Drive to Vital Service Accelerates | Opinion

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Valley County and Economic Development officials are working hard to accomplish a critical, but logistically challenging goal: bringing high-speed Internet access to rural areas of the Central Susquehanna Valley.

On Friday, Jennifer Wakeman, executive director of DRIVE (Driving Real Innovation for a Vibrant Economy) announced exciting news – the launch of a fixed wireless broadband network that will bring high-speed internet access to rural areas across 1,750 square miles. .

“Today is the culmination of 18 months of work, but it’s really just the beginning,” Wakeman said at the groundbreaking ceremony on Friday at the Montour Reserve Environmental Education Center near Danville. .

“We’ve only begun to scratch the surface of how this wireless will be used,” she said. “It’s not a static system, not everything is done today. It can grow, it can be extended. It can support more users, it can support more ISPs (Internet Service Providers), and it can meet many other needs.

Those of us who live in local communities, where superfast internet connections have been available for years, may not appreciate the full significance of Friday’s announcement. But the lucky ones among us have to imagine what the past few years would have been like – especially with everyone at home during the worst of the COVID pandemic – had we had extremely slow internet speeds or no internet connection at all. .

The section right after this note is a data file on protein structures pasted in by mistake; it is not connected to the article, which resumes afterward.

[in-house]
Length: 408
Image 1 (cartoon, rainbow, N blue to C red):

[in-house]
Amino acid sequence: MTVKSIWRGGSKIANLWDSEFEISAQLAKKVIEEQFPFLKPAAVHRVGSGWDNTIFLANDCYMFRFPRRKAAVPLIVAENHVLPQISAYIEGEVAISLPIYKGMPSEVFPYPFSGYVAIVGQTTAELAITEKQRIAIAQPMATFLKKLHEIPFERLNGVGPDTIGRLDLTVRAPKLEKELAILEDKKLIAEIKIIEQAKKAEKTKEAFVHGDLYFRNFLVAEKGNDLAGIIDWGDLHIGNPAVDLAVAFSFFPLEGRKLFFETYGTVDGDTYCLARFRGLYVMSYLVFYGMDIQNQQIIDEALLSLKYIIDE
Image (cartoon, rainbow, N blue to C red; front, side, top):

This is the situation in many rural areas of Northumberland, Snyder, Union and Montour counties. It’s a situation dubbed “the digital divide”, referring to the huge differences between those who have access to full Internet services and those who have little or no ability to receive e-mails, immediately call information from the at your fingertips, to watch a streaming movie or attend virtual events. school classes.

DRIVE, created by Columbia and Montour counties in 2015, was able to launch its new fixed wireless broadband network thanks to a public-private partnership with Geisinger, which provided a repayable loan of $300,000 to initially fund the project. .

In 2020, elected officials from Northumberland, Snyder, and Union counties joined the effort by donating the money they received through the federal CARES Act. Together, the five counties provided $3.2 million in CARES Act funds to build the new wireless network.

The hills and valleys of central Pennsylvania pose transmission problems, but experts are overcoming them by placing electronic equipment on county-owned 911 towers, corporate rooftops and private farm silos across the rural landscape.

Ultimately, microwave signals will be received in a rural home by a small dish or antenna installed on the property and connected to computers and other digital devices, finally providing people living and working in homes, farms and businesses located in our beautiful rural landscapes with fast connections to the whole world.

NOTE: Opinions expressed in editorials for The Daily Item are the consensus of the editor, key newsroom executives and editorial board community members. Today’s one was written by digital editor Dave Hilliard.

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